The aim of this paper is to reach an increased understanding for call centre establishments trough reaching an understanding of the importance of clusters and networks, i.e. proximity to other organisations and actors, for this type of business. With this aim in mind, we put questions like: What importance do clusters in terms of geographical concentrations have for businesses that are regarded as mobile and not delimited in space when it comes to choice of location? Is the local or regional dimension of importance when you are acting nationally or even globally? Can these businesses be located anywhere or are there more locally based conditions that are of importance for growth and sustainability of call centre organisations? What importance do clusters and networks have for entrepreneurship and new business establishments for call centres businesses? What similarities and differences can be distinguished comparing clusters of call centre organisations with clusters of more traditional manufacturing organisations?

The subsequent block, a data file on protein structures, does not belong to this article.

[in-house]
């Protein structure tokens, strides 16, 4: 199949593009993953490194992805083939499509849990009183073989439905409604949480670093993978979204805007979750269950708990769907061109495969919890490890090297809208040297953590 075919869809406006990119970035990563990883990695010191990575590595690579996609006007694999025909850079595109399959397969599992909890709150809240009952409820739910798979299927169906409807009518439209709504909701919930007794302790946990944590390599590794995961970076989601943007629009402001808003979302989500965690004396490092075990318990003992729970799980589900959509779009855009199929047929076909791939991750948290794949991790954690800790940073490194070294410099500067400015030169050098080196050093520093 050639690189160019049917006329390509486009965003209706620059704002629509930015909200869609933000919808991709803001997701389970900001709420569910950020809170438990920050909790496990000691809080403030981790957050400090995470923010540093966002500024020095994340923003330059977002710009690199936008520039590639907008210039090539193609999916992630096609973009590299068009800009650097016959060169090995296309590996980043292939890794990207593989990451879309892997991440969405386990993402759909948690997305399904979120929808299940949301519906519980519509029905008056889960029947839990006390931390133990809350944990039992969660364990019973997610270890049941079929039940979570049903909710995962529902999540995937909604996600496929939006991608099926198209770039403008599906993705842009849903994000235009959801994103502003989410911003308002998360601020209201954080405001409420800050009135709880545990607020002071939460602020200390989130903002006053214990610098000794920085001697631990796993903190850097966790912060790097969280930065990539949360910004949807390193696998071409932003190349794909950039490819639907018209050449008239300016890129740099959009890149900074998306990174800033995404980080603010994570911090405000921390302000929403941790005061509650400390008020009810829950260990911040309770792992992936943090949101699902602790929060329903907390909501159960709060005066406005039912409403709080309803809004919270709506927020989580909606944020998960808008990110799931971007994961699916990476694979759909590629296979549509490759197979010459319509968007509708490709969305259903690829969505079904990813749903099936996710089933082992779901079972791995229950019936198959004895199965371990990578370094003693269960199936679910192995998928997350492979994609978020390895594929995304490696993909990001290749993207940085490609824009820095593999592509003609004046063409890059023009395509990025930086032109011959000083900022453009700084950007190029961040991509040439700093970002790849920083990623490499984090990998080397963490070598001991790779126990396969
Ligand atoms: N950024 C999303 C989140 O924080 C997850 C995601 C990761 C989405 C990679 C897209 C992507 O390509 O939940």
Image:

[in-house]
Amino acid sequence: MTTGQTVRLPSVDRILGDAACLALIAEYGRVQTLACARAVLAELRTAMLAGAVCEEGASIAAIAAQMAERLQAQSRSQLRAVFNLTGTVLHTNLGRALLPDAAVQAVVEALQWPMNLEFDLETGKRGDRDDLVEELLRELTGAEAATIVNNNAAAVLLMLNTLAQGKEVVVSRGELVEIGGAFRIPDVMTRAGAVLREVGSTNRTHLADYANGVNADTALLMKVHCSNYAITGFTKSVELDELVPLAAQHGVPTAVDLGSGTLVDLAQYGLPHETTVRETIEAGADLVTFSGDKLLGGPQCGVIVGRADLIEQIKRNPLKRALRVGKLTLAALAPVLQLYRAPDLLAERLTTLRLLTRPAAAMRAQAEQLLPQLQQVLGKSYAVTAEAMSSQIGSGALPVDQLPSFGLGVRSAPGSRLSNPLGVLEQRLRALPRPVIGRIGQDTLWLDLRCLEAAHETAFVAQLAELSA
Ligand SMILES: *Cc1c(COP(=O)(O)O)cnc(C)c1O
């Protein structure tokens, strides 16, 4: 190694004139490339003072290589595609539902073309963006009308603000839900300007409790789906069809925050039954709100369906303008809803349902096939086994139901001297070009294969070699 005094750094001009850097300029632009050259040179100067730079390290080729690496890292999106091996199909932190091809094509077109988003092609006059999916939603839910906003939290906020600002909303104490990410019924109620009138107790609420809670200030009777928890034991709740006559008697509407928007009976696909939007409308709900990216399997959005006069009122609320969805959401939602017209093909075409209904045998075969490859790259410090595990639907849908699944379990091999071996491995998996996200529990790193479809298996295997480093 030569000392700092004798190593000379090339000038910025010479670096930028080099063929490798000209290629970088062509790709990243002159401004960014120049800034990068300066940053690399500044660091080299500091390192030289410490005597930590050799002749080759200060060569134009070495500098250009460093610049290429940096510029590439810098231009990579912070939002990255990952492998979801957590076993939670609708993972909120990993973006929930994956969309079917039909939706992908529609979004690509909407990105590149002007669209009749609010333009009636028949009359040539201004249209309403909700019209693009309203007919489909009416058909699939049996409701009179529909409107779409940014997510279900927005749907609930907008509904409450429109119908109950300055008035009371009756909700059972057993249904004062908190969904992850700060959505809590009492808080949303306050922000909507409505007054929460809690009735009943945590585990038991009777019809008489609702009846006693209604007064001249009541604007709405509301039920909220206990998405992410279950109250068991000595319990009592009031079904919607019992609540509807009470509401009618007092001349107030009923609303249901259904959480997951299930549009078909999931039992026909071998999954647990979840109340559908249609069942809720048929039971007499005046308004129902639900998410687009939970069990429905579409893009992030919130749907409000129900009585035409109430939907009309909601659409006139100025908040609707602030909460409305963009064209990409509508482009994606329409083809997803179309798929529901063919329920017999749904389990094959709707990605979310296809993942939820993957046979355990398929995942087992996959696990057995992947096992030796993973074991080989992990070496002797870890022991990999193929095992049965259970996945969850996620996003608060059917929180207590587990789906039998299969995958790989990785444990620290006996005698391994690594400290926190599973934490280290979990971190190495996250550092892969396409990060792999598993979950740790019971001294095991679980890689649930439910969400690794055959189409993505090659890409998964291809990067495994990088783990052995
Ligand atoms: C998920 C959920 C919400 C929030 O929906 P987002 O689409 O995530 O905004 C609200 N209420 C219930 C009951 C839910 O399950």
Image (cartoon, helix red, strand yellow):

Our findings show that the geographical concentration, which a cluster means, of similar business activities seems to be of importance for supporting and encouraging both existing call centres and new establishments. This applies to leaming, knowledge sharing and expansion of the local knowledge base. Cluster formations facilitate access to and development of resources in terms of available training programs, tailored infrastructure, educated personnel and pool of workers. We have also noted positive knowledge spill-over and spin-off effects, where certain organisations are acting as role models for entrepreneurs starting up new business establishments. Finally, we have found evidence for a so-called "call centre spirit" that fosters innovations and sprit of enterprise.

    In the paper, we discuss different types and views of cluster to interpret our findings. Two examples are an evolutionary perspective with different stages, or types, of clusters; locational, market, labour division, innovative, full-fledged industrial district government and techopoles (Dijk, 1999) and Porter's (1998) analysis of clusters with horizontal respectively vertical relations as well as Porter's (1990a and 1990b) diamond of factors for national or regional competitive advantages.